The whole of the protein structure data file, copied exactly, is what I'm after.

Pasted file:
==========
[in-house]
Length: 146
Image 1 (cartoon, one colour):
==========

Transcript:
[in-house]
Length: 146
Image 1 (cartoon, one colour):